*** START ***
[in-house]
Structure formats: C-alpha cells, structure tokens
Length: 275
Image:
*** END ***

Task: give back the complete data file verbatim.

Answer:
[in-house]
Structure formats: C-alpha cells, structure tokens
Length: 275
Image: